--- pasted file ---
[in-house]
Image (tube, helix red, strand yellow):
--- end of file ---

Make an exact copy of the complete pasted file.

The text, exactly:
[in-house]
Image (tube, helix red, strand yellow):